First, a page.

Another Parkland parent, Andrew Pollack, said Guttenberg’s issues with the White House invite threatened to overshadow the work of families on school safety initiatives. Pollack’s 18-year-old daughter, Meadow, was among the shooting victims.

“All he does is bash the president day in and day out,” said Pollack, who supports Trump.

“Then he goes and makes a spectacle of himself at the State of the Union and the Kavanaugh hearings. Who would invite that guy with the way that he acts?”

What plan includes

The group Stand With Parkland, a group that represents most but not all of the victims’ families, was invited to the White House.

The group has worked on a number of safety-related proposals, including a bill by Florida Republican Sen. Rick Scott that mandates information-sharing between the FBI and local law enforcement after the FBI mishandled tips about the Parkland shooter. Guttenberg and Pollack are not part of the group.

The website’s release was led by Federal Commission on School Safety, a body created by the president after the Parkland shooting. The plan includes specific tasks and resources that are available at the federal, state and local level to meet the needs of individual schools.

Schoolsafety.gov also allows educational and law enforcement professionals to share ideas and best practices regarding school safety with each other.

Recommendations

Ryan Petty, who attended the White House event, said in an interview that “a good portion” of the families were in attendance. His 14-year-old daughter, Alaina, was killed in the shooting.

Petty has been working with a federal school safety commission for the past year and said the announcement will relate to several of its recommendations that were released last year. The recommendations include a federal clearinghouse for best practices regarding school safety, an issue that has traditionally been handled by states and local school districts.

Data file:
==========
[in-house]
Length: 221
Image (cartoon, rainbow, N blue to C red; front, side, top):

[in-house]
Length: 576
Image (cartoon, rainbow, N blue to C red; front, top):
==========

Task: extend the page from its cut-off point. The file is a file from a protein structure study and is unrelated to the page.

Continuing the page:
Trump has not enacted new gun control measures despite political pressure from some Parkland students and families in the two years since the country’s deadliest high school shooting. Guttenberg is a well-known gun control advocate, while other parents, such as Petty and Max Schachter, have focused on school safety and accountability for the FBI, which failed to follow up on tips about the Parkland shooter.

Need for standards

During a Senate hearing in July 2019, Schachter stressed the need for federal standards for school safety.

“I traveled the country and came to realize that in all of the 139,000 K-12 schools in this country, each principal has to become an expert in door locks, access control, cameras, etc.,” Schachter, whose 14-year-old son, Alex, died in the Parkland shooting, told the Senate Homeland Security Committee.

“It made no sense to me that each school had to reinvent the wheel. The idea that crystallized for me was the need to create national school safety best practices at the federal level.”

The second anniversary of the Parkland shooting is Feb. 14.